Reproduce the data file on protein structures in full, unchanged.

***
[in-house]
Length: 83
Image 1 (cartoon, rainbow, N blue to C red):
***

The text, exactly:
[in-house]
Length: 83
Image 1 (cartoon, rainbow, N blue to C red):